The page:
Lights of the Seasons

Lights of the Seasons
Genesis 1:14 says that God allowed the “lights in the expanse of the sky to separate the day from the night” and to serve as “signs to mark seasons and days and years.” We can call them the lights of the seasons.

Although light is essential for our existence, the Sun, Moon, and stars are intended to serve an additional purpose. In Genesis 1:1 God created the heavens and the Earth. “Heavens,” or “shamayim” in the original Hebrew, would include the Sun, Moon, and stars. Genesis 1:14 tells us that God lifted the cloud cover (described in Genesis 1:2 and Job 38:9) so that the heavenly lights could be clearly seen to establish the circadian rhythm, give us a way to determine directions, and allow us to mark the passage of time.

Today (December 21) is the time when the Sun reaches its lowest point in the sky. In the Northern Hemisphere, it is the shortest daylight and marks the first day of winter. In the Southern Hemisphere, it is the most extended daylight which marks the first day of summer. We call it the winter or summer solstice. The word “solstice” comes from two Latin words meaning “sun” and “stand still” because on this day the Sun appears to momentarily stop its southward journey and start back toward the north. (The opposite is true on June 21.)

When Earth has made one complete rotation on its axis, the Sun’s position shows us that one day of 24 hours has passed. When the Earth completes one revolution around the Sun (approximately 365 days), we can see that the Sun has finished one cycle of its apparent north-south swing. We know that one year has passed.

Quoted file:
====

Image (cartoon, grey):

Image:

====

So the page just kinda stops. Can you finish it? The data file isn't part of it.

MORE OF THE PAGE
It’s the 23.4-degree tilt of Earth’s axis with respect to the Sun that causes us to have seasons as our planet makes its year-long solar revolution. That tilt makes it appear that the Sun is moving north and south through the sky each year and gives us seasons. Without seasons, only limited areas of Earth would be habitable. Without day and night, one half of the Earth would be baking in the sunshine while the other half would be continually cold and dark. When the Moon has made one revolution around Earth, we can see that it has completed all of its phases and we know that one lunar (or synodic) month has passed.

As we consider these lights of the seasons, keep one thing in mind. When Moses recorded the words of Genesis, people didn’t understand what caused “seasons, days, and years.” Now we do. We can see the full meaning of Genesis 1:14 when God opened the sky to reveal the lights of the seasons. Moses accurately recorded what God revealed to him, but he didn’t understand it. Science allows us to know how God did what He did. We believe that is what science is all about – discovering how God did it. True science and a correct understanding of the Bible are in complete agreement because God is the author of both.
–Roland Earnst © 2018